Glasmeier says she hears several times a day from companies seeking to use the MIT calculator to set wages for their frontline workers, and she often collaborates confidentially with businesses as they look to move their pay higher. Her framework is also used regularly by policymakers, as well as folks just trying to figure out what it costs to live in a particular area.

Murray, by contrast, has aimed her effort squarely at the business community. “Michelle did an amazing job” as she tailored her approach, Glasmeier says. “Companies seeking certification is an important next step in securing living wages for American families.”

Like the MIT calculator, For US is place-sensitive, basing someone’s cost of living on where they reside among the more than 3,000 counties spanning America. After all, you don’t need to earn nearly as much to make ends meet in Jackson County, Mississippi, as you do in, say, Marin County, California, outside San Francisco.

But because of its focus on employers, For US also has some crucial differences.

For one thing, rather than publish a range of living wages, which vary depending on whether someone is single with no kids or a breadwinner in a household with dependents, For US gives businesses one benchmark to shoot for. This is what it takes to achieve “a decent standard of living” for a home with two children and two adults—one who works full time and the other who works about three-quarters time (a figure derived from rates for labor force participation and part-time employment in the United States).

Locking in on this four-person measure wasn’t arbitrary. Consistent with widely accepted methodology used around the world, it is meant to ensure a wage floor that can support the typical working family. And by giving businesses a solitary number to adhere to, rather than a handful of options, it can make the system more straightforward to implement.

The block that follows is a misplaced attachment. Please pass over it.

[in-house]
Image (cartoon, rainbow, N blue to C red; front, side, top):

Another key feature of For US is the way it credits employers for forms of compensation besides wages, including health coverage, a retirement plan, child care, and transportation benefits. All of that goes into evaluating whether a company qualifies to be certified by For US as a “leading” living-wage employer. (Companies can attain a lower-tier certification by paying all of its workers at least $15 to $18 an hour, depending on where it has operations, and then increasing remuneration every year by inflation plus 3% until a family living wage is paid to everyone.)

Olympia Coffee, for example, will come out of the gate certified as a leading living-wage company, thanks not only to its pay—$15 an hour, plus tips, at its cafes in Seattle—but also its health insurance, paid leave policy, and retirement-plan contributions.

After For US put the entire package through its rigorous assessment, Olympia Coffee had exceeded the living-wage threshold of $21.02 for King County, Washington, as well as the required amounts in the two other counties where it does business. The benefits “tipped us over the top,” says Richelle Parker, the company’s human resources manager.

For Olympia Coffee, which has 80 employees at 7 locations, sustaining its For US certification from year to year is a worthy—and decidedly concrete—goal. “We believe that business should exist to do good in the world,” says Oliver Stormshak, the company’s CEO. “But that can sound grandiose. What does that mean? This is a way of holding ourselves accountable.”

For others, gaining certification will entail changes. Consider, for example, The Well Coffeehouse, a roaster and retailer with four stores in Tennessee and one in Indiana. A nonprofit social enterprise, The Well uses its revenues to build clean-water projects in the regions of Central America, Africa, and Asia where it sources its coffee. It has been paying its baristas $8.50 an hour, which usually grows to between $16 and $18 once tips are included. But as it pursues certification with For US, The Well is mulling over how to add a transportation allowance, extend paid time off, and adjust wages for its employees in Indiana, where it costs more to live than in Tennessee.

Applying to For US has “opened my eyes to where we have gaps,” says Mike Lenda, CEO of The Well. “This will help us stretch.”

In all, about a dozen businesses have hit their marks for certification by For US. Another 40 or so, including several large multinational corporations, are somewhere in the pipeline.